- Ask employees who have traveled to a geographic location that is experiencing an outbreak of the Coronavirus not to come in to work. However, the list of locations experiencing outbreaks is rapidly increasing, making it hard for employers and employees to keep track of which locations are at higher risk of exposing people to the Coronavirus.
Employers should also consider asking employees who are sick or might have been exposed to the Coronavirus to self-quarantine for at least 14 days or until cleared by a healthcare professional to return to work. However, given that healthcare providers are experiencing strong demand and given the lack of available testing for the Coronavirus, it might be more practical for employers to simply require such employees to self-quarantine for 14 days and/or to only return to work after they have been symptom-free for a period of time.
For further information on employee and job applicant rights under the Americans with Disabilities Act, please see this link for guidance from the EEOC, which was updated on March 19, 2020.
Wage and Hour Issues
Employees Who Are Non-Exempt from Overtime Pay under the FLSA
Non-exempt employees are those who are generally paid on an hourly basis and who are entitled to overtime pay for hours worked in excess of 40 in a workweek. For non-exempt employees (setting aside the requirements of the FFCRA):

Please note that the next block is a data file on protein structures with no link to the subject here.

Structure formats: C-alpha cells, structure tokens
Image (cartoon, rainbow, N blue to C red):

- Employers do not have to pay these employees if they are not working and have no applicable paid leave available (either because they do not qualify for or have run out of applicable leave).
- If an employer shuts down operations, the employer does not have to pay these employees if they are not performing services during the shut down.
- Employers can generally reduce these employees’ hourly rates of pay going forward due to anticipated downturns in business.
Employees Who Are Exempt from Overtime Pay under the FLSA
Exempt employees are generally those who are higher level employees who are paid a set salary, regardless of the quantity or quality of work they provide in any given week, and who are not entitled to overtime pay. For exempt employees (again, setting aside the requirements of the FFCRA):
- If they have no paid leave available (either because they do not qualify for or have run out of applicable leave), employers can only deduct from these employees’ salaries on a full-day basis if they perform no services for an entire workday due to sickness or personal reasons.
- If an employer shuts down operations for an entire day or more, the employer cannot deduct from these employees’ salaries unless the employer shuts down for a full FLSA workweek and these employees perform no services for the employer during that entire week.
- Employers can generally reduce these employees’ salaries going forward due to anticipated downturns in business (so long as they do not reduce them below $684 per week). However, an employer that reduces an exempt employee’s salary on a short term basis due to the employee working less than full-time hours risks jeopardizing that employee’s exempt status. A Department of Labor Fact Sheet on paying employees during financially distressed times is found here.